BAGHDAD (AP) — A double suicide car bombing tore through a crowded commercial district near a state-run bank Sunday in Baghdad, killing at least 28 people in the second strike to hit a major financial institution in a week.
The attack added weight to warnings that insurgents would try to foment unrest as deadlocked politicians squabble over forming a new government more than three months after inconclusive national elections.
The bombers drove two cars packed with nearly 180 pounds of ammonium nitrate toward the gates of the Trade Bank of Iraq building and detonated the explosives after striking the blast walls protecting the building, said Maj. Gen. Qassim al-Moussawi, the main Iraqi military spokesman for Baghdad.
The nearly simultaneous blasts knocked the windows out of the three-story building, leaving chairs and desks exposed. They occurred shortly after 11 a.m. as the area was packed with people at the start of the work week in Iraq.
Security forces swarmed through the debris while cleanup crews used forklifts to move the charred wreckage of several vehicles.
Gen. al-Moussawi said at least 18 people were killed and 42 wounded. But three Iraqi police officials and a doctor at the Yarmouk Hospital, where many victims were taken, put the toll at 28 killed and 57 wounded. Conflicting casualty tolls are common in the chaotic aftermath of bombings in Iraq.
The twin bombings capped a week in which about 100 people were killed in bomb blasts and shootings nationwide, including at least 26 who died in a commando-style assault against the central bank in Baghdad last Sunday. An al Qaeda in Iraq front group, the Islamic State of Iraq, claimed responsibility for that attack, saying it targeted the institution responsible for funneling “oil money and the stolen wealth of Muslims” to the West.
Sectarian bloodshed that pushed the country to the brink of civil war in 2006-07 has dropped sharply after a series of U.S.-Iraqi offensives, a Sunni revolt against al Qaeda and a Shi’ite militia cease-fire. But Iraqis still face near-daily attacks.
Many are venting their anger at politicians for failing to choose a prime minister and form a government, even though the new parliament was seated last week. Prime Minister Nouri al-Maliki has been acting in a caretaker role as he battles to keep his job after a rival Sunni-backed political bloc won a narrow victory in the March 7 parliamentary vote.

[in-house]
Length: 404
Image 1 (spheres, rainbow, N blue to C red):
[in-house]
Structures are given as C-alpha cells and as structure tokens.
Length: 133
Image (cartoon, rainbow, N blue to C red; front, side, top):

The head of the Iraqiya bloc, Ayad Allawi, has warned that more violence could ensue if the Sunnis who backed him feel sidelined by a Shi’ite alliance between Mr. al-Maliki’s party and a hard-line religious group.
Ahmed Abdullah, an engineer in the Electricity Ministry, said bickering politicians “have encouraged al Qaeda sleeper cells to resume work and strike again.”
“Ordinary Iraqis are paying the price of the political struggle in Baghdad,” he said.
Hassan al-Janabi, a 44-year-old hotel employee in Baghdad, said he has altered his routine to avoid crowded areas and rush-hour traffic, which have been popular targets for insurgents seeking to maximize casualties.
“I believe the deteriorating security situation is connected to the political struggle and the fight between politicians over power and government,” he said. “I think that attacks will increase because regional countries will increase their interference in Iraq after the upcoming withdrawal of U.S. forces.”
The ability of insurgents to penetrate areas with tight security has raised questions about the readiness of Iraqi forces to take over their own security less than three months before all American combat troops are to leave the country, the first step toward a full withdrawal by the end of next year.View Entire Story
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